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West Central KY Gas Drops 9 Cents

West Central KY Gas Drops 9 Cents

Bill Stephens

October 27th, 2015

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(October 26, 2015) — West Central Kentucky gas prices have fallen by 9 cents, according to AAA East Central’s Fuel Gauge report. The national average is $2.200.

This week’s West Central Kentucky average price: $ 2.002
Average price during the week of October 19, 2015: $ 2.093
Average price during the week of October 26, 2014: $ 2.905

The following is a list of the average price of unleaded self-serve gasoline in various areas:
$1.978 Bowling Green
$1.875 Elizabethtown
$2.152 Louisville
$2.005 Owensboro
$1.998 Paducah

On the National Front
As the national average price per gallon tops out Monday at $2.20, the nation’s drivers are saving about 85 cents over this time last year and the most at the pump since February.

For the fourth consecutive week, all 50 states posted averages below $3/gallon, with eight states below $2 for a gallon of regular unleaded. Although regional fluctuations in price may occur over the next few weeks due to refinery maintenance and shifts in supply and demand, the national average price is still expected to be under $2 per gallon by the year’s end, which would be the first time since 2009.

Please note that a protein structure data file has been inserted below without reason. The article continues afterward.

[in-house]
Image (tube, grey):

Motorists have domestic oversupply and falling crude oil prices to thank for the savings, and right now, the markets are indicating very little change. A bearish sentiment continues to typify the market with lower crude oil prices impacting the outlook for oil companies as cutbacks and delays in new project investments are announced.

Many hoped a meeting of technical experts between OPEC and non-OPEC nations would address the current oil surplus, but no cuts for oil production were discussed, continuing to pressure prices lower.

This week, a close watch will be kept on the U.S. Federal Reserve and U.S. economic data, regarding interest rates. Since 2008, interest rates have remained relatively unchanged in order to help stimulate economic growth. A rise in interest rates typically strengthens the U.S. dollar and makes oil more expensive to foreign markets, which could further exacerbate the present glut and keep a price ceiling on oil in the short-term.

However, the latest data from the U.S. Department of Energy indicates an increase in domestic crude oil stocks, despite an 8-week decrease in U.S. oil rigs.

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